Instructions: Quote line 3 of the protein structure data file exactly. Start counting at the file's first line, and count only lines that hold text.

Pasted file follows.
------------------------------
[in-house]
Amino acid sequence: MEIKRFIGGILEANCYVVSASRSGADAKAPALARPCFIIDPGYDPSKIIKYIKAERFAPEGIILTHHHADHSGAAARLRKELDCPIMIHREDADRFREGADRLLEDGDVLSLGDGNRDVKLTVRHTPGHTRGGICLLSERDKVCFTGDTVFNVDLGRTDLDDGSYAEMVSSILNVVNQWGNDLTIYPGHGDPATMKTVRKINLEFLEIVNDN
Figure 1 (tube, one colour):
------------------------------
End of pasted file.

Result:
Figure 1 (tube, one colour):